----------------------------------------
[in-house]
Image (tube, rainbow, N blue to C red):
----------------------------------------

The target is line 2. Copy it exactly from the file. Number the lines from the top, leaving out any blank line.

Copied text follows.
Image (tube, rainbow, N blue to C red):